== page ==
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Hoffmann, R. A wiki for the life sciences where authorship matters. Nature Genetics (2008)

Chromium as an industrial carcinogen: Part II. Chromium in human tissues.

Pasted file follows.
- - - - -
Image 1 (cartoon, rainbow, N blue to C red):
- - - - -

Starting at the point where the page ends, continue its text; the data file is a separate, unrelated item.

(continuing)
A continuation of the findings in a study of workers hired in 1931-1937 in a chromate plant, directed at the evaluation of the carcinogenic risk of insoluble, soluble, and total chromium. Chemical analyses of tissues of autopsies, identified by age at hire, cumulative exposure to insoluble, soluble, and total chromium and interval since last exposure are cited for three lung cancer cases. Histological identification of insoluble chromium was demonstrated. Marked deposition and retention of concentrations of chromium was noted 18.0 years since last exposure. In one case with cumulative exposure to insoluble chromium of 10.74 mg versus 0.63 mg for soluble chromium and histological demonstration of insoluble chromium, chrysotile was also identified.[1]


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